Thursday 7 November 2013

corrections and clarifications

Lesson 1 - IRONY doesn't really work online. Certainly not in 160 characters.
When I posted last time that the Internet can be an amazing thing, I didn't mean it without qualifications. I think it would've been better if I'd said "an awesome and terrifying thing".

Yes, the social media stuff is amazingly positive, and the fact that the means of production are within everyone's grasp means that people don't need to feel as isolated as they otherwise might.

However, this also means that... the means of production are within everyone's grasp. So basically anyone anywhere can say anything that comes to mind. Without any credentials whatsoever.

I'd hate to think that anyone (least of all the divine Ms. CrankyPants) thought I was sneering at people for following an unconventional diet. If it works for you, go forth and be healthful.

As I said, when I was first diagnosed my neurologist told me to avoid the internet, and I think he was right to say this up to a point. Too many miracle cures and horror stories and shysters.

And God knows, since diagnosis I've tried everything from the sublime (CBT) to the borderline-ridiculous (Reiki).

At the point of diagnosis, we're all really vulnerable. We sucker for the miracle cures, because we all want one - it's only natural to need to believe that one day this is all going to go away!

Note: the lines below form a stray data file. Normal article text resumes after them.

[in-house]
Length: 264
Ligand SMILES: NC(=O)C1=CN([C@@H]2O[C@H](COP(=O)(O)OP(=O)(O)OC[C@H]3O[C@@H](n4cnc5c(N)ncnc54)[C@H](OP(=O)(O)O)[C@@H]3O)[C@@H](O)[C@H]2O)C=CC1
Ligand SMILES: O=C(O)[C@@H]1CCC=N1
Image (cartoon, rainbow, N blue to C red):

Anyway, the folks at Shift.MS picked up on my post and pointed me in the direction of this document from the MS Society - "I’ve got nothing to lose by trying it: Weighing up claims about cures and treatments for medical conditions" - it's a really good read, perhaps a bit (necessarily) cautious but good nonetheless.

MS is such an ephemeral condition. A common complaint from PwMS in online communities is that "regular people just don't understand".

And while that might be true, I don't think we've ever really been able to come up with a watertight definition, mostly because no two people get it the same. My main list of symptoms would be:
  • sometimes I get physically and mentally exhausted. But often I'm ok.
  • sometimes I can barely move my legs. But sometimes I'm ok.
  • sometimes a whole new symptom might rear up to bite me on the ass. But not often enough to be gut-wrenchingly terrifying.
  • sometimes I'm terrified of the future. But mostly I'm ok.
And I've heard (and *whispers it* said) the line about "I have MS but it doesn't have me".

(I'm not proud)

This is a nice idea but you know what? Sometimes MS has my ARSE on a platter - and there's not a damn thing that I can do about it - regardless of any amount of Scrappy Doo-esque bluster. So save it.

I have MS but... ooh actually, I'll just have a lie down for a bit...

It's hard to get a handle on MS and I've never been able to describe (for example) fatigue in any way that makes sense or that doesn't invite the listener to say, "oooh, I know, I get tired too".

(and don't get me started in the bloody Spoon Theory)
My point is, if we can't explain our condition, how can we possibly expect the people around us to GET IT without pointing them towards a THIRTY-SIX page document, no matter how well put together?

The online community is comfortable and comforting because the vagueness and fuzziness is shared. There's enough commonality so that we can say that we get it.

But if we only ever talk to ourselves we're doomed to basically eat our own tails. And that's not massively healthy or helpful or proactive.